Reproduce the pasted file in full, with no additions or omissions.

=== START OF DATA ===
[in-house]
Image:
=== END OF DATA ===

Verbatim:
[in-house]
Image: